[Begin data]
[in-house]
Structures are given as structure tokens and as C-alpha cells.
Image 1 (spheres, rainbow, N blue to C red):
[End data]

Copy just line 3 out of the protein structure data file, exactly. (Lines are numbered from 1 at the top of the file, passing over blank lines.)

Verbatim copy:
Image 1 (spheres, rainbow, N blue to C red):